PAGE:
Developing 11+ exam skills at home


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For many children, the 11+ exam is their first experience of a formal exam under timed conditions, which is why it’s vital that you spend time developing your child’s exam skills before the actual exam.

Below are our top tips for helping your child develop their exam skills at home:

Timing

Time management plays a big part when it comes to succeeding at the 11+. If a child works too slowly during the exam, they may end up running out of time and not completing the test. Likewise, if a child rushes they could end up making careless mistakes that will lose them vital marks.

Here are some key ways to improve your child’s time management:

  1. Beat the buzzer – first and foremost, if your child is still struggling to complete practice papers in the recommended time (45 minutes for most Bond test papers) start using a kitchen timer and encourage them to ‘beat the buzzer’ and complete the test before the buzzer goes off. Perhaps start on shorter, ten minute tests to build their confidence, then progress up to longer tests.
  2. Read ahead – particularly if your child is doing the CEM 11+ exam (where there are typically more questions to answer than can be completed in allocated time), it's a good idea to get your child into the habit of spending a few minutes at the start of the test going through the paper and highlighting the questions that they think they will struggle with. They should then go back to the start of the test paper and work through all the questions they’re confident with and then go back to the highlighted ones. This means that they won’t spend too long on questions they’re struggling with and miss answering the questions they can do.
  3. It’s ok to skip – lot of children struggle to complete tests in the allocated time because they spend too long trying to answer questions they’re stuck on. You need to make sure your child understands that it’s ok to skip a question they can’t do, and that they can always come back to it at the end if they have time.
  4. Time to check – when you’re doing practice tests at home, try to find time for your child to get into the habit of finishing with 5 minutes to spare in order to check their answers.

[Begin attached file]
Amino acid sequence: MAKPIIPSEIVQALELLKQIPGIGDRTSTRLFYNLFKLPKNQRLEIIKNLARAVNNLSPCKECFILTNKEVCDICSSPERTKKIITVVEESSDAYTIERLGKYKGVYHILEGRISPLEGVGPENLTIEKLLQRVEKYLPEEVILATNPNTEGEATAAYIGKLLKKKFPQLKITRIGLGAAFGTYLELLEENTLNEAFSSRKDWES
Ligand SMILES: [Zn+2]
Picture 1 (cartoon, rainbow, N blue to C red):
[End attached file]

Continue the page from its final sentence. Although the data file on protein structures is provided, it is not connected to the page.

5. Find the clock – get your child into the habit of finding the clock when they practice at home so that they do this as soon as they enter the exam room.
  6. Exam plans – each time your child does a practice test, they should get into the habit of writing an exam plan on a scrap piece of paper. For a 45 minute test, their plan should look like this:
    • Exam starts at 10am and ends at 10.45am
    • 10-10.05am: 5 minutes looking through the questions
    • 10.05-10.40: 35 minutes answering the questions
    • 10.40-10.45: 5 minutes checking answers

Exam habits

Completing practice tests and mock exams at home not only improves subject knowledge and time management skills, it also gives your child the opportunity to develop good exam habits, which will help them cope with the actual test environment.

  1. Exam routine – encourage your child to develop a routine so that they develop good habits ahead of the real exam. Get them used to gathering together a sharp pencil and eraser, having a drink of water and popping to the toilet before they do a mock exam at home.
  2. Dealing with nerves – for many children, the 11+ will be their first ever formal exam, so it’s really important to help them understand how to deal with any nerves that may arise. If your child starts to feel nervous, get them to breathe slowly in and out and repeat this 5 times. If they do this regularly, they’ll know how to calm themselves down if they start to feel nervous on their own in the exam.
  3. Dealing with distractions – some children struggle when they go into an 11+ exam room because it’s a different environment than they’re used to. Although the exam room will be quiet, for children who are used to practising in total silence, noises such as coughs and sneezes or squeaking chairs can be really off-putting.

    A good way of combatting this at home is to vary the places where your child does their practice tests, so that they don’t start to feel that things need to be ‘just so’ before completing a test. A bit of background noise or walking past whilst their practising will also help them get used to any small distractions that may occur in the actual exam.

We hope you find these tips useful this summer. If you think other people would find them useful, don't forget to share them on Facebook .


The Bond team